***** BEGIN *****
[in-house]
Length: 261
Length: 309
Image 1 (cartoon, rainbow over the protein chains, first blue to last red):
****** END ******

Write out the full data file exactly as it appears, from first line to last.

[in-house]
Length: 261
Length: 309
Image 1 (cartoon, rainbow over the protein chains, first blue to last red):